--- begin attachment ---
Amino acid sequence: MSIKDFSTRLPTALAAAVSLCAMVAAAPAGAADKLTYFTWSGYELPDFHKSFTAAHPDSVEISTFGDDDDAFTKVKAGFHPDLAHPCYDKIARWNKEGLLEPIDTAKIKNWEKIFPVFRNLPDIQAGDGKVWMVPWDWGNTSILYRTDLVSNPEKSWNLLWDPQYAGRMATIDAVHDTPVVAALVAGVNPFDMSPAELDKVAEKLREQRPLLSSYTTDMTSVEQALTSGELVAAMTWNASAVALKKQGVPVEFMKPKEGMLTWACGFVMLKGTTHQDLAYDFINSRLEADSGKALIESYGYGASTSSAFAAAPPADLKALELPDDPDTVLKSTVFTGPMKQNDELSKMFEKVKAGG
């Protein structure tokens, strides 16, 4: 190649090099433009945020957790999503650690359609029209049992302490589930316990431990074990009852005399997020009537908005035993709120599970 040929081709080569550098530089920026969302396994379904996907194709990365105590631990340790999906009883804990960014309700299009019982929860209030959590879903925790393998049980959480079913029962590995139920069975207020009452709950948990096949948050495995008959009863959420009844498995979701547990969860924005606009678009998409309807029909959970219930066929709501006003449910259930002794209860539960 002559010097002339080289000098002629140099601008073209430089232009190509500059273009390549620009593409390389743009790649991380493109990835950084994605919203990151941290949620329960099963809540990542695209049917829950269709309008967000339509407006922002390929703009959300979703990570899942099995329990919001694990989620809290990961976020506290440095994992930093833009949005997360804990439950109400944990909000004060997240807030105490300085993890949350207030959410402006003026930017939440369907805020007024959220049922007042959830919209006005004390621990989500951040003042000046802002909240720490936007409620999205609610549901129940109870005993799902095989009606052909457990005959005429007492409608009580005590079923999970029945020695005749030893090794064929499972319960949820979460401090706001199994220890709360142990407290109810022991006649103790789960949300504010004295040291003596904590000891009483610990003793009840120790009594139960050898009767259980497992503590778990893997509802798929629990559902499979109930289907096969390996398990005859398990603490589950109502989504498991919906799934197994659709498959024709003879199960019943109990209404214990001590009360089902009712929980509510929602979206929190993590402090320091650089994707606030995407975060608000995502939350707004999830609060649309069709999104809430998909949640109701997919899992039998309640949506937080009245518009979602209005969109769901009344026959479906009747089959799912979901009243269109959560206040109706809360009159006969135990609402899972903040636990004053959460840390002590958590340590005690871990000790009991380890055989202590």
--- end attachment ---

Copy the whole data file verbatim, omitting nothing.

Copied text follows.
Amino acid sequence: MSIKDFSTRLPTALAAAVSLCAMVAAAPAGAADKLTYFTWSGYELPDFHKSFTAAHPDSVEISTFGDDDDAFTKVKAGFHPDLAHPCYDKIARWNKEGLLEPIDTAKIKNWEKIFPVFRNLPDIQAGDGKVWMVPWDWGNTSILYRTDLVSNPEKSWNLLWDPQYAGRMATIDAVHDTPVVAALVAGVNPFDMSPAELDKVAEKLREQRPLLSSYTTDMTSVEQALTSGELVAAMTWNASAVALKKQGVPVEFMKPKEGMLTWACGFVMLKGTTHQDLAYDFINSRLEADSGKALIESYGYGASTSSAFAAAPPADLKALELPDDPDTVLKSTVFTGPMKQNDELSKMFEKVKAGG
């Protein structure tokens, strides 16, 4: 190649090099433009945020957790999503650690359609029209049992302490589930316990431990074990009852005399997020009537908005035993709120599970 040929081709080569550098530089920026969302396994379904996907194709990365105590631990340790999906009883804990960014309700299009019982929860209030959590879903925790393998049980959480079913029962590995139920069975207020009452709950948990096949948050495995008959009863959420009844498995979701547990969860924005606009678009998409309807029909959970219930066929709501006003449910259930002794209860539960 002559010097002339080289000098002629140099601008073209430089232009190509500059273009390549620009593409390389743009790649991380493109990835950084994605919203990151941290949620329960099963809540990542695209049917829950269709309008967000339509407006922002390929703009959300979703990570899942099995329990919001694990989620809290990961976020506290440095994992930093833009949005997360804990439950109400944990909000004060997240807030105490300085993890949350207030959410402006003026930017939440369907805020007024959220049922007042959830919209006005004390621990989500951040003042000046802002909240720490936007409620999205609610549901129940109870005993799902095989009606052909457990005959005429007492409608009580005590079923999970029945020695005749030893090794064929499972319960949820979460401090706001199994220890709360142990407290109810022991006649103790789960949300504010004295040291003596904590000891009483610990003793009840120790009594139960050898009767259980497992503590778990893997509802798929629990559902499979109930289907096969390996398990005859398990603490589950109502989504498991919906799934197994659709498959024709003879199960019943109990209404214990001590009360089902009712929980509510929602979206929190993590402090320091650089994707606030995407975060608000995502939350707004999830609060649309069709999104809430998909949640109701997919899992039998309640949506937080009245518009979602209005969109769901009344026959479906009747089959799912979901009243269109959560206040109706809360009159006969135990609402899972903040636990004053959460840390002590958590340590005690871990000790009991380890055989202590």